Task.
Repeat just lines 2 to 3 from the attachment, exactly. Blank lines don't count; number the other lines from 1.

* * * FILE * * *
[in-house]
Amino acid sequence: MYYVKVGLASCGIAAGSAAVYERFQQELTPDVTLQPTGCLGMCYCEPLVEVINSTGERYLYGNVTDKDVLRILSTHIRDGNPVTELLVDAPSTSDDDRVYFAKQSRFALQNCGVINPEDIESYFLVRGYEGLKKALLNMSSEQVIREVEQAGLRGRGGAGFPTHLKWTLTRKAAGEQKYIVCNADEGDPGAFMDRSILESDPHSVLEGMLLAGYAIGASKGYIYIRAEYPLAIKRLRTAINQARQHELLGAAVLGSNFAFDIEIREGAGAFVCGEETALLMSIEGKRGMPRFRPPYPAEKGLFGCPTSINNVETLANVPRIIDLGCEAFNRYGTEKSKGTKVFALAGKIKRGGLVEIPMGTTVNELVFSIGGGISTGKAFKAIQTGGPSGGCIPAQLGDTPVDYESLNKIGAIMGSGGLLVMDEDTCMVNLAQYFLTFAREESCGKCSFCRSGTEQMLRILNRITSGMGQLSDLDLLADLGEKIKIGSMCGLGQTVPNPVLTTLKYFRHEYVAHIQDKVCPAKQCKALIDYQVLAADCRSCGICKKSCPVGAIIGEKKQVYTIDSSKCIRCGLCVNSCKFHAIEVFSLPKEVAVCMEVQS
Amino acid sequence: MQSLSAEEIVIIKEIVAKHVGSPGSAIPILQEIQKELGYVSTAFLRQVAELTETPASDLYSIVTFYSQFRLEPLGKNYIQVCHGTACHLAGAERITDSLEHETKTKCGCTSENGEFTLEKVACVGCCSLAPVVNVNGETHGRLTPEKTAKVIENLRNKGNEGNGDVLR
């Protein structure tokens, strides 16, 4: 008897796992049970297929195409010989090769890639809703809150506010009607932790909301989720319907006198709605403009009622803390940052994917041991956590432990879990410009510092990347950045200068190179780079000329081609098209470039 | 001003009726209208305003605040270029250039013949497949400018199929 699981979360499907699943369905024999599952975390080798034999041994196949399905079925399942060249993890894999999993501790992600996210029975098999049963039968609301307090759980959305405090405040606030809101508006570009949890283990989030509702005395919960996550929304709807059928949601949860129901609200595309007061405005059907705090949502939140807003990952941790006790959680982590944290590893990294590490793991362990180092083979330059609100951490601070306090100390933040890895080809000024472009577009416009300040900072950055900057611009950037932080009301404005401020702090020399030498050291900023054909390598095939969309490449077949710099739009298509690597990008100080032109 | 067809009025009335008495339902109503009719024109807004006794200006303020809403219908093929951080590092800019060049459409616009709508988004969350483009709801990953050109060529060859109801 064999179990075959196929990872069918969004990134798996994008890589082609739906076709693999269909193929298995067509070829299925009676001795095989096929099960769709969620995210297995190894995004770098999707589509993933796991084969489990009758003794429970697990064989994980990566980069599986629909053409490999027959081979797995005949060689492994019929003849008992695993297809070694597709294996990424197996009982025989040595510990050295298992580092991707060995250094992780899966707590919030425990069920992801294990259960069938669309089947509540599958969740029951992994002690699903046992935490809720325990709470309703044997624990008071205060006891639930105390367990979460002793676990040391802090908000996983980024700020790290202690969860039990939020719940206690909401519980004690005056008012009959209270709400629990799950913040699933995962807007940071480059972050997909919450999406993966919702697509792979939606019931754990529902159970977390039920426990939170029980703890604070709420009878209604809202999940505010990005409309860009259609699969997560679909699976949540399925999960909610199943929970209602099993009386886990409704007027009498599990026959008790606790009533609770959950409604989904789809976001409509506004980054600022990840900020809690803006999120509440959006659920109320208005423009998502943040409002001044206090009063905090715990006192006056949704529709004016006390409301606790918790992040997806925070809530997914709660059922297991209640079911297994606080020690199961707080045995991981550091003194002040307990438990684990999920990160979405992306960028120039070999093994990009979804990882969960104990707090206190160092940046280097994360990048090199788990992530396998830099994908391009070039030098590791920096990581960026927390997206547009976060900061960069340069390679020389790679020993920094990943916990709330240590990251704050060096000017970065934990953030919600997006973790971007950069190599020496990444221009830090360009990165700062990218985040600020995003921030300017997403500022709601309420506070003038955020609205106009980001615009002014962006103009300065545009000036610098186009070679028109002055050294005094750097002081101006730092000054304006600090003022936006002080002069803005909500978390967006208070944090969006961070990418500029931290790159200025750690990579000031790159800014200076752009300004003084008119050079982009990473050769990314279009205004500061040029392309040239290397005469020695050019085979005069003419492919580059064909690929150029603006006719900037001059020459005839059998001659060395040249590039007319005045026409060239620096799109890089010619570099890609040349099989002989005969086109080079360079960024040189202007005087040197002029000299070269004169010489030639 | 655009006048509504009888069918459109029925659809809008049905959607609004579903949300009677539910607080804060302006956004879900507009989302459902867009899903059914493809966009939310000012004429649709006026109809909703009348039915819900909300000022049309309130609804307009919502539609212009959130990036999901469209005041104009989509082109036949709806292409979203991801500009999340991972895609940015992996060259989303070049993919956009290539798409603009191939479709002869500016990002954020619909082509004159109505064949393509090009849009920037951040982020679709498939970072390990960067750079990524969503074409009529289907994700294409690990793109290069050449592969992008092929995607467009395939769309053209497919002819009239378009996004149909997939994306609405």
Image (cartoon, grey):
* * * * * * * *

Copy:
Amino acid sequence: MYYVKVGLASCGIAAGSAAVYERFQQELTPDVTLQPTGCLGMCYCEPLVEVINSTGERYLYGNVTDKDVLRILSTHIRDGNPVTELLVDAPSTSDDDRVYFAKQSRFALQNCGVINPEDIESYFLVRGYEGLKKALLNMSSEQVIREVEQAGLRGRGGAGFPTHLKWTLTRKAAGEQKYIVCNADEGDPGAFMDRSILESDPHSVLEGMLLAGYAIGASKGYIYIRAEYPLAIKRLRTAINQARQHELLGAAVLGSNFAFDIEIREGAGAFVCGEETALLMSIEGKRGMPRFRPPYPAEKGLFGCPTSINNVETLANVPRIIDLGCEAFNRYGTEKSKGTKVFALAGKIKRGGLVEIPMGTTVNELVFSIGGGISTGKAFKAIQTGGPSGGCIPAQLGDTPVDYESLNKIGAIMGSGGLLVMDEDTCMVNLAQYFLTFAREESCGKCSFCRSGTEQMLRILNRITSGMGQLSDLDLLADLGEKIKIGSMCGLGQTVPNPVLTTLKYFRHEYVAHIQDKVCPAKQCKALIDYQVLAADCRSCGICKKSCPVGAIIGEKKQVYTIDSSKCIRCGLCVNSCKFHAIEVFSLPKEVAVCMEVQS
Amino acid sequence: MQSLSAEEIVIIKEIVAKHVGSPGSAIPILQEIQKELGYVSTAFLRQVAELTETPASDLYSIVTFYSQFRLEPLGKNYIQVCHGTACHLAGAERITDSLEHETKTKCGCTSENGEFTLEKVACVGCCSLAPVVNVNGETHGRLTPEKTAKVIENLRNKGNEGNGDVLR